STOCK STAGES AND CYCLES
Trading stocks information - General tactics and examples
There are only three things a stock can do. It can go sideways, up or down. That is all! However, we will cover two kinds of sideways movement. Sideways movement will either lead to an uptrend or a downtrend. Therefore, we will be discussing four stages of a stock cycle.
Stage 1 and Phase A
During the flat, or beginning, stage (Stage 1) of a stock's cycle, the market psychology is one of ambivalence or uncertainty. If a stock is moving in a flat or sideways tight pattern would you want to buy it? A trader will be looking specifically for a transitional phase (Phase A), which will give her information about which way the stock might move next.
Stage 2 and Phase B
During the upward movement stage (Stage 2) of a stock, market psychology changes to basic greed. Everyone is jumping in and wants to stay in, even if the stock changes direction. A trader learns to read the signs of change that tell him the stock has entered another transitional phase (Phase B). During Phase B, a trader will learn to move out of the long position and consider other possibilities, for example, entering and exiting a stock more quickly as the stock begins to move in a sideways movement.
Stage 3 and Phase C
During the sideways movement stage (Stage 3) of a stock, market psychology once again becomes one of ambivalence and uncertainty. Look for another transitional phase (Phase C), which will clearly illustrate that the stock might be moving into another stage or downward direction.
Stage 4 and Phase D
The last possible movement is the downward movement stage (Stage 4) of a stock. The market psychology is fear. Until the stock begins to bottom out and change direction into a transitional phase (Phase D), market sentiments are still clearly based in fear.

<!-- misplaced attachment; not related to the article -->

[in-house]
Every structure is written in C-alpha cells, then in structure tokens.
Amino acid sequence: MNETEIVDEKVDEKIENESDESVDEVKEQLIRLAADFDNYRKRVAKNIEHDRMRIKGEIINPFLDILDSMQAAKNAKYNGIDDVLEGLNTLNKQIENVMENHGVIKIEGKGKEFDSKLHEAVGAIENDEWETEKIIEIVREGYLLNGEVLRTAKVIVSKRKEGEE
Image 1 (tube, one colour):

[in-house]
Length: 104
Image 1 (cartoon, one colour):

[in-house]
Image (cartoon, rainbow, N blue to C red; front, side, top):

These stages and transitional phases continually repeat themselves over and over as the stock builds its personal history. A trader will learn to recognize and use this information to safely make money on the inevitable change a security will make.
Quantum Swing Trader - Special Time Limited Offer:
Maximize your returns with Quantum Swing Trader
Try Quantum Swing Trader & Profit Feeder Risk-Free
THE 3, 5 AND 8 CYCLE PATTERN
Some chart technicians pay attention to minute stock cycles. Even if you take a position that not a lot of attention needs to be placed on this endeavor, it is important to know the basic cycle direction of the stock. There is one cycle day indicator to discuss more thoroughly, the 3, 5 and 8-day pattern.
Every rising stock must decline from time to time. Stocks that are generally in an up trend tend to stop declining on the third, fifth, or eighth day down. Why? Who knows! A look at the history of a stock illustrates the theory. When a rising stock starts to fall, look for a turning point on the third day. If the stock does not turn on the third day, look for it to turn on the fifth day. If the fifth day fails to produce a halt in the descent, the odds are that a strong bounce will occur on the eighth day, especially if the history of the chart indicates this behavior. If other indicators verify a possible entry, coupled with the market minder telling the trader this is the day for the stock or sector to change direction, look at the days down, and the trader might have an entry point.
This concept works best on rising stocks. Flat to declining stocks require other indicators. Look for two previous turning points to occur on either the third, fifth or eighth day down. Never use this method as a stand-alone technique if the third, fifth and eighth day down method is not the stock’s history. Instead, does the stock use a different number of days? If so, it is unusual, but not difficult to trade. Count the days the stock does respond to and look to trade there. However, most stocks, for unknown reasons, typically trade on the third, fifth, and eighth day down.